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The Contradictions of Society’s Expectations for Women

3 min read

“Society’s Cruel Expectations” narrates my experience as a brown girl living in Western society, being unable to conform to the Indian or Western beauty ideals. The poem journeys through my thought process as I determine how I should please and conform to either society’s beauty standards. It shows my inner insecurities as I feel rejected by both communities in terms of the way I look and carry myself.

[Read Related: A Deeper Look into India’s Fair Skin Obsessed Beauty Standards]

I want to share this poem because I want other brown girls like me to know they are not alone if they share this sentiment.

Society’s Cruel Expectations

I stand naked in front of the mirror
I stand witness to my flesh, my skin

There are stretch marks on my thighs
There are stretch marks on my butt

There are scars on my legs
There are scars on my hips

There are bruises on my knees
There are bruises on my elbows

There are marks on my face
There are marks on my hands

There is fat on my stomach
There is fat on my love handles

There is hair on my legs
There is hair on my arms

They tell me my skin isn’t dark enough
They tell me my skin isn’t light enough

They tell me my hair isn’t long enough
They tell me my hair isn’t short enough

They tell me I should thread my eyebrows
They tell me I should draw in my eyebrows

They tell me I should eat more
They tell me I should diet more

They tell me to cover up my skin
They tell me to show more of my skin

They tell me I am not enough
They tell me I will never be enough

I tell myself I am not good enough for you
They tell me I am not good enough for you
I want to be worthy of you
They don’t want me to be worthy of you

I wonder how I can be good enough for you
They wonder if I will ever be good enough for you

If I had no stretch marks on my thighs
If I had no stretch marks on my butt
Would I feel enough for you

If I had no scars on my legs
If I had no scars on my hips
Would I feel enough for you

If I had no bruises on my knees
If I had no bruises on my elbows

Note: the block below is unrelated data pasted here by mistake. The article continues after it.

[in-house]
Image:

Would I feel enough for you

If I had no marks on my face
If I had no marks on my hands
Would I feel enough for you

If I had no fat on my stomach
If I had no fat on my love handles
Would I feel enough for you

If I had no hair on my legs
If I had no hair on my arms
Would I feel enough for you

If my skin were dark enough
If my skin were light enough
Would I feel worthy of you

If my hair were long enough
If my hair were short enough
Would I feel worthy of you

If my eyebrows were threaded
If my eyebrows were drawn in
Would I feel worthy of you

If I ate more
If I dieted more
Would I feel worthy of you

If I covered up my skin
If I showed more of my skin
Would I feel worthy of you

Will I ever be enough for you
Will I ever feel worthy of you

[Read Related: I Finally Learned to Love my Curls and I’m Never Going Back]


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1 Comment

  • Avatar
    John
    Hi, Even though, being a white male, I'm not the intended audience for this post. As an immigrant kid, there are ways I relate to this re-post more than you know, which brings me to a piece of unsolicited advice to the author. Every family situation/relationship/career is it's own patch of grass with it's own set of weeds. Many times we long for another family situation/relationship/career because we think the grass is greener in a different situation. However, reality often proves that a new situation is simply another field with it's own flowers and weeds. Your true friends and loving family members should unconditionally accept you for the things you can't change and admire you for your character. If a prospective spouse, family member, or social circle tells you directly or indirectly that you need to be X height, X weight, X skin color, watch/read X things, and make X decisions to be "worthy" of their affections, then those individuals aren't members of your life team and are not working in your best interest. Think of it this way, the people who manipulate you into thinking that you aren't worthy of them, aren't worthy of you, because if given the chance, you'd offer them unconditional love and support, and they aren't offering the latter as a basic expectation.

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